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Step Function

AWS's Step Function service offers a powerful primitive for building long-running and short-running state machine workflows in the cloud without managing complex infrastructure.

new StepFunction(scope, "F", async () => {
return "hello, world";
});

The Step Function can make calls to other resource like a Lambda Function, handle a payload, introduce wait time, add conditional logic, throw errors, and more.

const serviceCall = new Function(
scope,
"serviceCall",
async (input: string) => {
console.log(input);
}
);
new StepFunction(scope, "F", async (payload: { property?: string }) => {
if (payload.property) {
SFN.waitFor(10);
// the lambda function `serviceCall` is invoked like an ordinary function from the state machine.
await serviceCall(payload.property);
} else {
throw new Error("missing property");
}
});

Types of Step Functions

There are two types of Step Functions, Standard and Express.

Standard Step Function

A Standard Step Function is a long-running workflow that can run for up to a year. Billing of Standard Step Functions is per-state transition as opposed to Express Step Functions which are billed for time. You should use Standard Step Functions when you need to run for more than 5 minutes and need guaranteed exactly-once semantics for each State transition. Use-cases include orchestrating an error-prone or slow asynchronous job between disparate services, for example kicking off an ETL job and waiting for it to complete.

Express Step Function

An Express Step Function is a short-running workflow that can run for a maximum of 5 minutes. You only pay for the time it takes the machine to complete. Express Step Functions are a useful substitute for glue code ordinarily implemented with Lambda Functions, for example to handle an API Gateway request or process some event from an Event Bus. State transitions have at-least-once guarantees and may be re-executed if the machine terminates prematurely for any reason, as opposed to a Standard Step Function's exactly-once guarantees.

info

Express vs Standard workflows

It's important to choose the right type of Step Function for your workload. Refer to the official Execution Guarantees documentation for more information.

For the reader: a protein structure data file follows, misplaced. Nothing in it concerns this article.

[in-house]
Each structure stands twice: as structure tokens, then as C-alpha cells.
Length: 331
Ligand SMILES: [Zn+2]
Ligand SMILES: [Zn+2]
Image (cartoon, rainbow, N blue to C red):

Amazon States Language (ASL)

Step Functions are configured declaratively with a JSON document structured according to the Amazon States Language (ASL) JSON specification. This JSON document specifies distinct States and transitions between them using JSON Path to select, filter and transform data.

{
"StartsAt": "Start",
"States": {
"Start": {
"Type": "Pass",
"Parameters": {
"result": "hello world"
},
"End": true
}
}
}

These State Machines have many use-cases, such as long-running workflows involving both machines and humans, or as a way to implement a backend REST or GraphQL API. They are general purpose and abstract enough to represent any job, but the developer experience of writing JSON documents is verbose and error-prone.

Generate ASL from TypeScript Code

Functionless automatically generates the ASL (and any IAM Policies) directly from your TypeScript code, enabling you to leverage the operational benefits of Step Functions using ordinary control-flow such as if-else, for, while, etc.

const serviceCall = new Function(
scope,
"serviceCall",
async (input: string) => {
console.log(input);
}
);
new StepFunction(scope, "F", async (payload: { property?: string }) => {
if (payload.property) {
SFN.waitFor(10);
await serviceCall(payload.property);
} else {
throw new Error("missing property");
}
});

Wrap an existing State Machine

There are cases in which you want to integrate with an existing State Machine.

To achieve this, use the StepFunction.fromStateMachine or ExpressStepFunction.fromStateMachine utilities to wrap existing aws_stepfunctions.StateMachines.

import { aws_stepfunctions } from "aws-cdk-lib";
import { StepFunction } from "@functionless/aws-constructs";

const myMachine = StepFunction.fromStateMachine<{ name: string }, string>(
new aws_stepfunctions.StateMachine(this, "MyMachine", {
...
})
);

const myExpressMachine = ExpressStepFunction.fromStateMachine<{ name: string }, string>(
new aws_stepfunctions.StateMachine(this, "MyMachine", {
stateMachineType: aws_stepfunctions.StateMachineType.EXPRESS,
...
})
);

A wrapped function annotates the type signature of the StepFunction and makes it available to be called from Functionless Constructs.

danger

Incorrect State Machine (104) will be thrown when the wrong StateMachineType is used with the wrong Functionless StateMachine or ExpressStateMachine.

The invocation contracts for the types of state machines and permissions to grant are different so we have separated them.